comment:11 Changed 20 months ago by embray

  • Status changed from needs_work to needs_review

I don't think this actually needs any new work--it's been working fine for me on my python 3 branch for some time. The previous patchbot failures were due to #24257 which is now closed.

comment:12 Changed 20 months ago by embray

Would be nice to get this done--I have a number of other test output normalizations that I've added since this one.

comment:13 Changed 20 months ago by jdemeyer

Please add a test showing how normalize_type_repr works when given a more complicated expression. Something like:

sage: L = [Integer, float]
sage: normalize_type_repr(repr(L))

comment:14 Changed 20 months ago by embray

Sure--let me make sure that actually works in the first place (it should--I think I've already encountered some examples like that)

comment:15 Changed 20 months ago by embray

  • Status changed from needs_review to needs_work

comment:16 Changed 20 months ago by git

  • Commit changed from e12b67fda63bf721cf519c4553c5abef0e8553ef to 6760db0bc5406c4c36d131dad4d928e31f806008

Branch pushed to git repo; I updated commit sha1. New commits:

6760db0Add an additional test for normalize_type_repr

comment:17 Changed 20 months ago by embray

  • Status changed from needs_work to needs_review

comment:18 Changed 20 months ago by jdemeyer

  • Status changed from needs_review to needs_work

Patchbot complains about docbuild.

comment:19 follow-ups: Changed 20 months ago by jdemeyer

If I understand things correctly, this ticket ensures that both the following doctests would pass on Python 3:

sage: int
<class 'int'>

and

sage: int
<type 'int'>

but on Python 2 only

sage: int
<type 'int'>

would be accepted. Is that right?

I would very much prefer to accept <class 'int'> on Python 2 too. That way, we could at least make new doctests more future-proof by using <class instead of <type.

comment:20 Changed 20 months ago by chapoton

  • Branch changed from u/embray/python3/type-repr-fixups to public/python3/type-repr-fixups
  • Commit changed from 6760db0bc5406c4c36d131dad4d928e31f806008 to 514ed9369f12f760b6e714468f45b3ce6c7b20a9
  • Dependencies #24257 deleted

I fixed the doc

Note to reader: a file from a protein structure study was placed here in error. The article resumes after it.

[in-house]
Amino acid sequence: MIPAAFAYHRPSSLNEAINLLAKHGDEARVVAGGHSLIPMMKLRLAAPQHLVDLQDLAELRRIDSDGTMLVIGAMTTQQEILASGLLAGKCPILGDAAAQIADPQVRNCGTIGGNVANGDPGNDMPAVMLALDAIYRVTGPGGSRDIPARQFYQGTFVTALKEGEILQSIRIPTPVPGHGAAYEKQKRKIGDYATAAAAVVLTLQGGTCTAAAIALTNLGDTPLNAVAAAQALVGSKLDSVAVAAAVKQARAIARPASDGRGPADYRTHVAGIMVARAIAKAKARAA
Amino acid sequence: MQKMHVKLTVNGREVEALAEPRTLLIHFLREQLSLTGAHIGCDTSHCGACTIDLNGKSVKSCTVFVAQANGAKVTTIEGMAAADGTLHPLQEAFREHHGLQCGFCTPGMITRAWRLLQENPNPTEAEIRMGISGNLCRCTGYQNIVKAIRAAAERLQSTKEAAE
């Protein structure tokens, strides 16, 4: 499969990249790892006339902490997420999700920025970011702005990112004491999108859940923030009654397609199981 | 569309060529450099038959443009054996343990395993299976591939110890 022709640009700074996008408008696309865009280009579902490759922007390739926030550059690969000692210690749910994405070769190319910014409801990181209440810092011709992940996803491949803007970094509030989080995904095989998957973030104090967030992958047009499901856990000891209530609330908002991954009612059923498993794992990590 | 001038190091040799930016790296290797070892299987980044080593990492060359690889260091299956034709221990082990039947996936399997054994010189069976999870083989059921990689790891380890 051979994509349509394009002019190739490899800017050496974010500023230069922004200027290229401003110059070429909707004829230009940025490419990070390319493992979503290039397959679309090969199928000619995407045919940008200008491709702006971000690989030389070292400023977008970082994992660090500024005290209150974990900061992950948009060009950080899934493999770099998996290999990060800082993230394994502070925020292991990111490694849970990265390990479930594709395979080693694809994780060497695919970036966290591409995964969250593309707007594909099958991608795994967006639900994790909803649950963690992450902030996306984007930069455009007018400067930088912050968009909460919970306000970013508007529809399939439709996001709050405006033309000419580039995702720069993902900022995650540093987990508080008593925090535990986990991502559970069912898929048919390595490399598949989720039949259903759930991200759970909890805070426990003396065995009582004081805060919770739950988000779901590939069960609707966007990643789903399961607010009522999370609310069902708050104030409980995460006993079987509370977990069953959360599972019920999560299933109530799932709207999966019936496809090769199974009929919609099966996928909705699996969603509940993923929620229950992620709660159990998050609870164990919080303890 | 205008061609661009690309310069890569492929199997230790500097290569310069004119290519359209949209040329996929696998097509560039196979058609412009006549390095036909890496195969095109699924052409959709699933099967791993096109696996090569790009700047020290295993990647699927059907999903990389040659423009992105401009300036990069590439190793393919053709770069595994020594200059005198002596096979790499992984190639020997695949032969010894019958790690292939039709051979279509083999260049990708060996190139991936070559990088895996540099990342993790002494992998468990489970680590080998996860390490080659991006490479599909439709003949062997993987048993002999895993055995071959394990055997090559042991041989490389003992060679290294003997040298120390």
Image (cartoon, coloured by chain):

New commits:

476a27bMerge branch 'u/embray/python3/type-repr-fixups' in 8.2.b2
514ed93trac 24258 make doc build

comment:21 in reply to: ↑ 19 Changed 20 months ago by chapoton

Replying to jdemeyer:

If I understand things correctly, this ticket ensures that both the following doctests would pass on Python 3:

sage: int
<class 'int'>

and

sage: int
<type 'int'>

but on Python 2 only

sage: int
<type 'int'>

would be accepted. Is that right?

I would very much prefer to accept <class 'int'> on Python 2 too. That way, we could at least make new doctests more future-proof by using <class instead of <type.

We can easily make new doctests future-proof by simply using <... 'int'>. There is a patchbot plugin that checks for that.

comment:22 in reply to: ↑ 19 Changed 20 months ago by embray

  • Status changed from needs_work to positive_review

Replying to jdemeyer:

I would very much prefer to accept <class 'int'> on Python 2 too. That way, we could at least make new doctests more future-proof by using <class instead of <type.

I thought I already addressed this, but it doesn't make enormous sense to write new doctests against Python 3-style output as long as Sage's default python remains python 2--that's what the documentation should be written against. When Sage switches to python 3 as the default python, then it makes sense to make mass replacements on the documentation too, and not until then.

I wouldn't be opposed to making the output checker flexible in both cases, but I don't think there's any good reason to right now either.

comment:23 Changed 20 months ago by chapoton

  • Reviewers set to Frédéric Chapoton

comment:24 Changed 19 months ago by vbraun

  • Branch changed from public/python3/type-repr-fixups to 514ed9369f12f760b6e714468f45b3ce6c7b20a9
  • Resolution set to fixed
  • Status changed from positive_review to closed

comment:25 follow-up: Changed 12 months ago by chapoton

  • Commit 514ed9369f12f760b6e714468f45b3ce6c7b20a9 deleted

This seems not to work on

sage -t --long src/sage/rings/universal_cyclotomic_field.py  # 1 doctest failed

with sage 8.4.b4.

comment:26 in reply to: ↑ 25 Changed 12 months ago by embray

Replying to chapoton:

This seems not to work on

sage -t --long src/sage/rings/universal_cyclotomic_field.py  # 1 doctest failed

with sage 8.4.b4.

It's because the <type ...> repr is split onto multiple lines, which is not supported. You could either change the regexp to be multi-line (but this introduces more complications), or just fix that test to not split <type ...> across lines.